Ukraine has reach a crucial debt restructuring agreement that will see lenders accept a 20 percent principal write-down and keep global markets open to the cash-strapped ex-Soviet state.
"The deal agrees a 20 percent haircut on Ukraine's stock of sovereign and sovereign guaranteed debt, having immediate debt relief totalling approximately US$3.6 billion," the finance ministry said in a statement.
Thursday's (local time) announcement marks a monumental victory for Ukrainian Finance Minister Natalie Jaresko – a US-born financial expert whom President Petro Poroshenko plucked from a Kiev investment firm in December and tasked with saving the war-torn country from hurtling into default.
Franklin Templeton and three other financial titans that own nearly half of the US$19 billion in commercial debt under discussion had argued the country was in strong enough shape to repay what it owed in full.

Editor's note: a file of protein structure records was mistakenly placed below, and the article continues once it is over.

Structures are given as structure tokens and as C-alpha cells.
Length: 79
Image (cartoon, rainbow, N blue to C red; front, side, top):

"I think it's a historic success for Ukraine, I think for emerging markets generally," Jaresko told AFP in an interview shortly before the formal announcement was made at a televised government meeting.
The painful talks lasted for five months and saw the International Monetary Fund and the United Sates put immense pressure on the bondholders to accept short-term losses in return for preventing Ukraine's pro-Western leaders from being forced into resuming their reliance on Russia.
"Why is [the deal] important? Ukraine, like any family, can only borrow so much. And then at some point those people, organisations that lend you money, don't want to lend anymore, because you are not creditworthy," Jaresko said in the English-language interview.
"We were already at the point as a country where the commercial creditors said: 'Too risky.' Now the official creditors said: 'Within limits, we will support you'."